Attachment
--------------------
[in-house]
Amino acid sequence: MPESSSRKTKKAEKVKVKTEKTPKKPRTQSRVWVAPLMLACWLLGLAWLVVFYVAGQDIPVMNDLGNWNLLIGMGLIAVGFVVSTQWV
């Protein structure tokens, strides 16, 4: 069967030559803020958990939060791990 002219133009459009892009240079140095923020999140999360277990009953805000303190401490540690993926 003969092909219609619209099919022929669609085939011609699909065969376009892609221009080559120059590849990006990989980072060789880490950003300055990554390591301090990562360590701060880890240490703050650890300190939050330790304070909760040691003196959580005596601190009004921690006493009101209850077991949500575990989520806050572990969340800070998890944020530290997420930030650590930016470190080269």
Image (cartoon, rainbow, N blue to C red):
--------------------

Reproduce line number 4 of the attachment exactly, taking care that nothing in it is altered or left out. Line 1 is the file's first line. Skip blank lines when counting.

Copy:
Image (cartoon, rainbow, N blue to C red):